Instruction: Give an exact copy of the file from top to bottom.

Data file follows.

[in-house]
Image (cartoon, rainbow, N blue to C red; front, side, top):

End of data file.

[in-house]
Image (cartoon, rainbow, N blue to C red; front, side, top):